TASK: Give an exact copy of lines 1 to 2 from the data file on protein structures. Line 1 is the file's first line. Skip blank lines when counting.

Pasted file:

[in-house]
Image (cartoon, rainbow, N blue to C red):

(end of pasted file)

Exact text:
[in-house]
Image (cartoon, rainbow, N blue to C red):